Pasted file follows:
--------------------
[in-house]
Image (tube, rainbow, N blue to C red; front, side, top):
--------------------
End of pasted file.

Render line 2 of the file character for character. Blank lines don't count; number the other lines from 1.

Image (tube, rainbow, N blue to C red; front, side, top):